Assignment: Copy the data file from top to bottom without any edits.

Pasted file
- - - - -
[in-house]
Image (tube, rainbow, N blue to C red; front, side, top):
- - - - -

[in-house]
Image (tube, rainbow, N blue to C red; front, side, top):